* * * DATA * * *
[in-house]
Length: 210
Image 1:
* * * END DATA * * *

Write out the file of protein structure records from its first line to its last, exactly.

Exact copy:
[in-house]
Length: 210
Image 1: